From animal-bladder skin to houndstooth check and sequins, face masks have undergone many revolutions in design over the centuries. Writer Lizzie Enfield traces their history in pictures.
Face coverings as a way of protecting respiratory health go back at least 2,000 years. The Roman philosopher Pliny the Elder (23–79 CE) used animal-bladder skins as masks to filter dust while crushing cinnabar, or mercuric sulphide, a toxic mineral used at the time for pigmentation in decorations.
In China there is evidence of similar face coverings dating back to the 13th-century Yuan dynasty. In his travelogue written during this period, the Italian explorer Marco Polo (1254–1324) described servants attending to the Chinese emperor and his entourage wearing silk scarves to cover their mouths and noses to prevent their breath from contaminating the food they prepared.
By the early 14th century, the Black Death, Europe’s largest plague epidemic, had prompted widespread use of facial coverings. Another outbreak in the 17th century led to the invention of the beak mask – which came to symbolise the plague – by French doctor Charles de Lorme. Covering the entire face, the mask had glass portals so the wearer could see, and the beak was often filled with spices or aromatics, including mint and camphor, to filter out disease.
Artist Leonardo da Vinci (1452–1519) soaked cloth in water and placed it on his face in order to prevent toxic chemicals from paint and plaster from entering his lungs. People trying to escape a burning building are still advised to use this effective method to protect their lungs from the effects of smoke inhalation.
The discovery in 1861 of the presence of bacteria in the air by Louis Pasteur made people aware of the dangers of breathing in harmful pathogens. This led doctors to prescribe cotton masks to limit contagion during epidemics. Fashionable women wore lace veils to protect their lungs from harmful airborne particles.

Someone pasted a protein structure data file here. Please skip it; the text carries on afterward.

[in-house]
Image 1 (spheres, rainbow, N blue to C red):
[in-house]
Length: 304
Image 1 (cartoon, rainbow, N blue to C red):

During the early years of the 20th century, Wu Lien-teh, a public-health specialist from Malaya, was investigating a pneumonic plague that had broken out in northern China. He developed a mask from layers of gauze enveloped in cotton, with ties so that it could be hung on the ears. This was the prototype from which the masks currently used in medicine today evolved.
In 1905 Chicago physician Alice Hamilton published a study about the amount of streptococci bacteria expelled when scarlet fever patients coughed or cried. She also measured the bacteria from healthy doctors and nurses when they talked or coughed, leading her to recommend masks during surgery. Her recommendations led to widespread use of protective masks for surgeons and nurses.
During the global flu pandemic of 1918, both medics and members of the public used protective masks, especially in America, where in some states they were compulsory in the workplace and on public transport. The virus personified in this drawing killed more people than World War I, which had only just ended when ‘Spanish’ flu emerged.
Increased industrialisation meant that by the 20th century one of the biggest threats to public health was air pollution. It led to people in some of the worst-affected cities adopting ‘smog masks’.
Early in 2020 French designer Marine Serre proved to be ahead of the game when, at Paris Fashion Week in February, her models wore outfits with matching face masks, designed months before the world became aware of COVID-19. But the fashion industry as a whole did not anticipate the demand to come, so the fashion-conscious have now turned instead to the home-sewn mask.